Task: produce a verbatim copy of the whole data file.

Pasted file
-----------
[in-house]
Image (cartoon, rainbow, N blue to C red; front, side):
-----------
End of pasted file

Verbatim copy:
[in-house]
Image (cartoon, rainbow, N blue to C red; front, side):